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The Team

O.M.G I have never seen anything like that in my life!” said one of the girls in the office, echoed by “Wow, that’s amazing, let me look again!

Our Visitors

I was taking my 3 year old around on the go-karts when I saw the Rhea circling another Rhea on the floor. I assumed the one lying down was unwell, so we stopped for a few minutes to observe. Interestingly, the Rhea that was lying down appeared to be aggressively pecking at the circling Rhea, so I assumed it was defending itself. I then noted the standing Rhea to be adjusting and “puckering” before I saw a flash of yellow. I then got my phone to record.

Rhea laid her eggs!

Imagine a soon-to-be mummy bird who randomly decides to lay her precious eggs, which are the size of 10 to 12 chicken eggs, with a carefree attitude, she abandons them in the grass, absolving herself of all motherhood responsibilities. Rest assured female Rheas are known to be non-maternal. When annual pass holders Mike, and his son Liam, captured the moment on video at Farmer Palmer’s Farm Park, the team was super excited. Zena, the former Animal Barn Supervisor and now Shop Team Assistant, asked Mike if he would send the video to share with the team.


In the life of a Rhea, it’s the male’s (dad’s) job to collect the eggs and roll them under him, in the nest he made, for safekeeping. This is where he will sit tight and start incubating them. He has exclusive paternal care, from the incubation to when the eggs hatch, resonating with the role of a single dad. Only time will tell if they were fertilized.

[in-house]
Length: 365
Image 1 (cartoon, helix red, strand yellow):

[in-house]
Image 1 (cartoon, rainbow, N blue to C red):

Giving birth to a baby, or even an egg, is a tremendous family moment to be treasured forever. Imagine how surprised and fortunate we felt when Mike and his family caught this special natural behaviour on camera. Not only Mrs. Bubba laying the egg but the important role of dad, Mr. Rayas, natural behaviour of tucking it into the nest, a shallow dusty hole in the ground, usually lined with grass or leaves.


The team watched the video with great excitement as, working on the farm daily, they understood the rarity of being there, at that exact moment, with a camera at the ready. This is a first-time film for Farmer Palmer’s. 

When the males sit on their nest, they can feel protective and defensive, therefore they keep females and people away. So, the team is respecting his space by keeping distance whilst making sure the Rhea’s are looked after.


History: 13 years ago, Bubba was raised from an egg that was gifted to team member Zena, by someone who thought they could incubate them. They soon realised they had taken on more than they could chew.


As the eggs didn’t fit into the incubator, Zena took them home and popped them into the airing cupboard. She rocked them 3 times a day to keep them growing. One day, she shone a torch to see if they were fertile, and one of them was! The incubator took over the rocking of Bubba, humidity was raised, and between 36-44 days later, the pipping started and Bubba needed help to get her out of the shell. This was an incredible moment as she unfurled from the egg.


Mrs Bubba grew up with small dogs so was imprinted and thought she was a dog. Not that this has impacted on natural behaviour because she came to Farmer Palmers Farm Park, at 6 weeks old and has been a huge star ever since.


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